Families fascinate me. While my stories differ—my novel-in-progress is a psychological thriller with a historical twist—they always tie back to the family, the ways we love, yet often hurt one another, the grief, the sorrow, the revelation, the joy. I think people connect with these stories. Many readers – family, friends, reviewers, readers I’ve never met - have told me that In Leah’s Wake feels real, the problems complex. They’ve been there – as a parent or a teen. They feel like they know these characters, and they care about them. This connection, for me, is by far the most important reason for writing.

Do you have any social media profiles/pages where readers can follow you?

I blog about writing, writing tips and inspiration, with occasional musings thrown in: Interested readers can find information about the book on my main site: I’m also active on Twitter, Facebook and Goodreads:


Desert Island quiz: you can only bring one album, one DVD set for your favorite TV show, and one movie. What are they?

Tough question! Storyville, by Robbie Robertson, and Enlightenment, by Van Morrison. Cheating, I know – both recordings transport me. I couldn’t bear to leave either behind.

Although I don’t watch much TV, I’m hooked on Criminal Minds - especially the episodes edited by my immensely talented friend, indie filmmaker Nina Gilberti. If I could put together a custom DVD with all her episodes, I’d insist upon taking that.

My film list constantly changes. If I had to narrow to 2011, I’d choose Winter’s Bone.

Who are your favorite authors in your primary genre?

The short story writer Andre Dubus wrote some of the most thoughtful, moving stories I’ve ever read. Although my work pales in comparison, his stories influenced mine. Jessica Treadway, winner of the Flannery O’Connor Award for Short Fiction for her latest collection, Please Come Back To Me, writes haunting, stunningly gorgeous family stories. Primarily short story writers, both, in my mind, are grossly under-appreciated. Most readers I talk with don’t know who they are. That’s the business, unfortunately; still, it feels terribly wrong that such brilliant work reaches the hands of so few readers.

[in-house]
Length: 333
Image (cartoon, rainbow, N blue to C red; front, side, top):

Although I didn’t care for Amy and Isabelle, her first novel, Elizabeth Strout hooked me with Abide With Me and Olive Kitteridge. I also love Susan Straight’s elegant work.

Do you have a favorite charity? How does it appeal to you?

The scholarship fund for the Woods College of Advancing Studies endows worthy nontraditional Boston College students. I married shortly after graduating high school. When I decided to return to school, the dean, the Rev. James A. Woods, S.J., welcomed me with open arms, supported, encouraged and mentored me – through college and grad school, and for the 15 years I’ve taught in the program.

To say the school changed my life is a gross understatement. My Boston College career shaped my philosophy, and made me the person I am. As a teacher, I’ve been blessed to witness a similar transformation in so many people. Students come to class, often after a full day of work. They’re juggling so many responsibilities and they’re often exhausted, but when class begins, you see the light in their eyes. They work hard and push beyond boundaries to achieve. Witnessing these life-changing moments is incredibly rewarding.
Without the scholarship, especially in this economy, many students would not have the opportunity to attend. I received this scholarship myself once, so I know how important it can be. As I’m sure you can imagine, the WCAS scholarship fund is dear to my heart.

Who do you like in the next World Series?

The Red Sox! No self-respecting Bostonian would root for anyone else. All over the country, whenever the Sox play in town, Red Sox fans fill the stadium. We’re rabid, and not always nice - though we haven’t trampled anyone, as far as I know. This year, in Josh Beckett, Clay Buchholz and Jon Lester, we have three ace pitchers. The current pitchers are young and less experienced than Schilling, Martinez and Lowe were in 2004, but they’re an impressive trio. It’s early, but five guys are hitting over .290. So I have hope!

Terri Giuliano Long grew up in the company of stories both of her own making and as written by others. Books offer her a zest for life’s highs and comfort in its lows better than anything else can. She’s all-too-happy to share this love with others as a novelist and as a writing instructor at Boston College. She blogs about writing and the writing life at Or connect on Twitter: @tglong







Terri Giuliano Long

Pages: 352

Format: Paperback, Kindle

ISBN: 1456310542

Publisher: CreateSpace

Website: In Leah’s Wake


Amazon Kindle:

Barnes & Nobles Nook:

Amazon UK: